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Intrauterine device use linked to 30% lower risk of cervical cancer
09 November 2017, 09:23 | Melissa Porter
SEXUAL HEALING The contraceptive coil could protect against cancer
An IUD is a safe and effective form of contraception, but using one offers no guarantee against cervical cancer. Some 528.000 women received this diagnosis in 2012 and 266.000 died this same year, according to the world health Organization (WHO). All these women used various methods of contraception, but those who chose IUDs were less likely to develop cervical cancer than all the other ones. And since the 2016 election, IUD demand has spiked 900 percent.
Study lead author Doctor Victoria Cortessis, of The Keck School of Medicine of the University of Southern California, said: "The pattern we found was stunning". Adding, "The possibility that a woman could experience some help with cancer control at the same time she is making contraception decisions could potentially be very, very impact".
The researchers searched online medical databases for studies looking at whether women who had and had not used an IUD developed cervical cancer.
You may be wondering how women get cervical cancer in the first place.
This was a systematic review and meta-analysis of studies looking at the use of an IUD and the incidence of cervical cancer. This means they can not yet tell what keeps the cancer risk away.
High incidence of cervical cancer across the globe is a key driver for the growth of global cervical cancer therapies and diagnostics market. Numerous studies, for example, did not include HIV status or family history of cervical cancer, both of which raise the risk of cervical cancer.
"IUD in the uterus stimulates an immune response, and that immune response very, very substantially destroys sperm and keeps sperm from reaching the egg", Cortessis said.
"It does fit well into our understanding of the critical role of persistent HPV infection in causing cervical cancer", she said.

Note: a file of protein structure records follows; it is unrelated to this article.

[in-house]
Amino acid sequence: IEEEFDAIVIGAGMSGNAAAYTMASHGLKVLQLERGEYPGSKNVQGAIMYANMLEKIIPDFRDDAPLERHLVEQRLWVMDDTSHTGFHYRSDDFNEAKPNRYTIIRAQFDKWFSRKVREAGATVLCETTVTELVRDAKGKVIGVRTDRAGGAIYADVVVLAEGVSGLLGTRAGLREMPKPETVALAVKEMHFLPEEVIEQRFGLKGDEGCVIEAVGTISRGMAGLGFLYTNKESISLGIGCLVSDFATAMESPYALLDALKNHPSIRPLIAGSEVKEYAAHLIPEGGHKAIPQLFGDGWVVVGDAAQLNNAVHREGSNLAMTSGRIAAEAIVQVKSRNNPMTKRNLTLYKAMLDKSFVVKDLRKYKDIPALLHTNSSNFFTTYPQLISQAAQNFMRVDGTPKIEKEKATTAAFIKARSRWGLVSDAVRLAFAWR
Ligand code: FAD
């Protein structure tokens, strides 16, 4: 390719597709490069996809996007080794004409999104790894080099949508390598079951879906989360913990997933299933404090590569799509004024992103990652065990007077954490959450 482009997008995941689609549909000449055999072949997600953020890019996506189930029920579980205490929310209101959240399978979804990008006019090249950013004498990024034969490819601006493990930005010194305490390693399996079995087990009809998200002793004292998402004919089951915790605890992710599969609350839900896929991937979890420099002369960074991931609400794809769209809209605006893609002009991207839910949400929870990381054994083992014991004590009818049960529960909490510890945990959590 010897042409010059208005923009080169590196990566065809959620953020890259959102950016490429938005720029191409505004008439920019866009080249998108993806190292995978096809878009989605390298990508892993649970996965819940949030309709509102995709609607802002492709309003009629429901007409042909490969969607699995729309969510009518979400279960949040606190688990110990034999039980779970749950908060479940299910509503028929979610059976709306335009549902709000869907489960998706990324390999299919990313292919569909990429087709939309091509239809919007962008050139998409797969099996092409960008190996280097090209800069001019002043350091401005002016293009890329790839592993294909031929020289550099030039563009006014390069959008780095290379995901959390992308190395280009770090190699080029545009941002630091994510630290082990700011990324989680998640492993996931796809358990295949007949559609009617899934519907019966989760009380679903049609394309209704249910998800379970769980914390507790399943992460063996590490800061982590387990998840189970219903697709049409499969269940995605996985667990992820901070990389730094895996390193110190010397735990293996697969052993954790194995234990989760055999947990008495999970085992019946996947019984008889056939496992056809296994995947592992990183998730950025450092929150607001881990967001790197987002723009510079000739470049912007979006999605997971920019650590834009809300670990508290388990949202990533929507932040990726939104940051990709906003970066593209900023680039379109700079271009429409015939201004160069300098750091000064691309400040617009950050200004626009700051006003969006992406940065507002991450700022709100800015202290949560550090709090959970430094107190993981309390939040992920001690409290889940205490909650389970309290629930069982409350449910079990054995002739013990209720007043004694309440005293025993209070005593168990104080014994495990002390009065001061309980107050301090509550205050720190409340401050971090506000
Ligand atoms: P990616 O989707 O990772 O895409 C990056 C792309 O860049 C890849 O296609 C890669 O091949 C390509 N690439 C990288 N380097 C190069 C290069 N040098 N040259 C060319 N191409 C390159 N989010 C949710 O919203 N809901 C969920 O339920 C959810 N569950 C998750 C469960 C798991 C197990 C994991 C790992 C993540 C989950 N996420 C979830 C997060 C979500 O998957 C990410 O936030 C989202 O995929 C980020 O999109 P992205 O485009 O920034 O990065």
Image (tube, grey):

The research team said also said the IUD could protect against cancer as it is removed, because some cervical cells that contain HPV infection or precancerous changes may be scraped off.
However, Dr Pradeep Tanwar, who investigates gynaecological cancers, said the study was limiting.
She said that it could be that these IUDs trigger an immune response that ends up strengthening the body to fight a viral infection caused by human papillomavirus (HPV).
This is inaccurate. In fact, there were "other reasons" discussed in the study that could have affected the results, including the type of IUD (hormonal or copper), the woman's age at the time of having the IUD and how long the IUD was used for. Cervical cancer is usually a slow developing type of cancer which may or may not exhibit symptoms of the disease.
But no matter how the data was tested in relation to these variables, the researchers found the same results, she said: The rate of cervical cancer in IUD users was a third lower than among nonusers. "It looks real. It smells real, but to be really convinced, we need to go back and do studies to find a mechanism".
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